The "Christchurch Call" was spearheaded by New Zealand's premier Jacinda Ardern and French leader Emmanuel Macron, who gathered tech executives and world leaders to launch the initiative at a meeting in Paris.
The call for change came after a gunman killed 51 people at two mosques in Christchurch in March while broadcasting his rampage live on Facebook via a head-mounted camera.
"The dissemination of such content online has adverse impacts on the human rights of the victims, on our collective security and on people all over the world," the signatories said in a statement.
Facebook in particular has faced withering criticism since the Christchurch attack, after the horrific footage was uploaded and shared millions of times despite efforts to remove it.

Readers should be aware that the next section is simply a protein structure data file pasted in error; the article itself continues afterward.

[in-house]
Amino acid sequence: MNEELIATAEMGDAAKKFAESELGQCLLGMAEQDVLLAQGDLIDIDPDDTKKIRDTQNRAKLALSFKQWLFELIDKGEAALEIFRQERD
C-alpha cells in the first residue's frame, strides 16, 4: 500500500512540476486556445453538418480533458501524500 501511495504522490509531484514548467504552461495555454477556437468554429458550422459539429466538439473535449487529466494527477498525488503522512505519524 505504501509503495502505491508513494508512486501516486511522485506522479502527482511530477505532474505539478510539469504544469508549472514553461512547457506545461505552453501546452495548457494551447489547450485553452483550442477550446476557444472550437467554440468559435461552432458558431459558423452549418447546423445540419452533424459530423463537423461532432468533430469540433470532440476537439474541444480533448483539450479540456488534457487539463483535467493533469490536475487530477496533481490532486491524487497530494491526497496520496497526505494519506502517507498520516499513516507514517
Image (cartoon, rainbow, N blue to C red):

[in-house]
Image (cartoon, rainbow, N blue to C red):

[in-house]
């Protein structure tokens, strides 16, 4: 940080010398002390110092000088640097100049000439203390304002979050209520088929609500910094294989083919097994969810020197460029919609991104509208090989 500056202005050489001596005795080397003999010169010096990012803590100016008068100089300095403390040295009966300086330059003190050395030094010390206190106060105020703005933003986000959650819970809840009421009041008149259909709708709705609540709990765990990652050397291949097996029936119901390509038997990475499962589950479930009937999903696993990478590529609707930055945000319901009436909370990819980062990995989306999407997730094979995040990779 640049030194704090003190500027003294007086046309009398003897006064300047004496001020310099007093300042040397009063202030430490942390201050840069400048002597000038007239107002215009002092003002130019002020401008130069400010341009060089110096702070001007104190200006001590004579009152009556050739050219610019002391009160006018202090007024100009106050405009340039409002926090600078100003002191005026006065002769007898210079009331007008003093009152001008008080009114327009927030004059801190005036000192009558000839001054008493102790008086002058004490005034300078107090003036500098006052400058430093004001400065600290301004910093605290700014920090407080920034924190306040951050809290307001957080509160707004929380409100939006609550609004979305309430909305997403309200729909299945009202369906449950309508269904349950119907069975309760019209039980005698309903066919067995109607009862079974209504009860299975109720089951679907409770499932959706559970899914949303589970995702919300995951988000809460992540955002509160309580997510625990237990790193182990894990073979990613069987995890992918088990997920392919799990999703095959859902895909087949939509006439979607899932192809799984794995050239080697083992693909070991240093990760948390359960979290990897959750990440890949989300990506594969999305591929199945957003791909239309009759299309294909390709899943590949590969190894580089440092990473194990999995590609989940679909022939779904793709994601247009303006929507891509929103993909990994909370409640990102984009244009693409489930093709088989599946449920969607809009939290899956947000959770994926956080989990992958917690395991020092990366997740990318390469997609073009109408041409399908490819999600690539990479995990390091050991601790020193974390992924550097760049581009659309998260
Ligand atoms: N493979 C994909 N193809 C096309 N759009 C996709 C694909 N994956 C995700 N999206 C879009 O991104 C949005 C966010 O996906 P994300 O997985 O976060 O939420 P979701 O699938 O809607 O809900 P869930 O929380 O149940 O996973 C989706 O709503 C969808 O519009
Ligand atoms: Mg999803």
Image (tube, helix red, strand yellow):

The social media giant, which participated in crafting the new commitments, said earlier on Wednesday that it would tighten access to its livestreaming feature.
Google and its YouTube unit also joined the pledge, along with Twitter, Wikipedia, Dailymotion and Microsoft. The companies said they would cooperate on finding new tools to identify and quickly remove extremist content.
"For the first time, governments, international organisations, companies and digital agencies have agreed on a series of measures and a long-term collaboration to make the internet safer," President Macron's office said in a statement.